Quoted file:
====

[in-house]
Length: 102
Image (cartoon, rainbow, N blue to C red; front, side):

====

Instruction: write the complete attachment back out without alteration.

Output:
[in-house]
Length: 102
Image (cartoon, rainbow, N blue to C red; front, side):